I recall joining a sharing group with women in our community who were very different from me not only in age but in their personalities, social and educational backgrounds, and life experiences. But I came to love and value each of these women as I asked the Lord to show me how to reach out to them and open my own life to them. By God’s grace, each of us overcame any reservations and hesitancies we first felt, and we grew to be true friends in Christ.
Rather than focusing on our differences – “She’s married and I’m single” or “She just doesn’t have the same interests as I do” – as barriers or limitations, each of us came to realize that these differences added a great richness to our lives. We also learned to be reasonable and realistic in our expectations about what we could be for one another rather than being unrealistic and demanding.
Relationship building takes conscious effort and decision… Rather than focusing on our differences – “She’s married and I’m single, or “She just doesn’t have the same interests as I do” – as barriers or limitations, each of us came to realize that these differences added a great richness to our lives.
We grew to trust one another so that we could be really honest in sharing not only our joys and victories but also our difficulties and weaknesses. We also looked for concrete ways to care for one another in our needs, rather than being self-oriented or self-concerned.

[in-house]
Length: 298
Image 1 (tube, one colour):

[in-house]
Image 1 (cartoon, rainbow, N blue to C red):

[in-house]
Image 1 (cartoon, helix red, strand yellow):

In reflecting on Luke’s Gospel account (1:39-45, 56) of the “Visitation,” the encounter between Mary and her elderly cousin Elizabeth, I’ve come to see many riches and truths. Taking a look at Mary and Elizabeth’s meeting has helped me better appreciate the women who touch my life and has strengthened my relationships with them.
After giving her fiat, “let it be to me according to your word,” to God’s message brought to her through the angel Gabriel, Mary hurriedly set out to visit Elizabeth (Luke 1:38-39). She was eager to confide her fears and confusion as well as her joy and wonder at the angel’s strange message to her older kinswoman.
In most cultures, including the Jewish one, a young woman would be the one to greet her elder with respect. However, on this occasion, it was Elizabeth who honored Mary. First, in calling Mary “blessed” (Luke 1:42), the older woman recognized that the younger had been chosen by God – Mary wasn’t great by any achievement of her own but rather by God’s choice.
Elizabeth honored Mary because she was to bear a special child, lauding her young cousin because of her faith: “Blessed is she who believed that there would be a fulfillment of what was spoken to her from the Lord” (1:45).